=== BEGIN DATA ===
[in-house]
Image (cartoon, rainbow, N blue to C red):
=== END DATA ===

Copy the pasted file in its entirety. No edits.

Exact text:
[in-house]
Image (cartoon, rainbow, N blue to C red):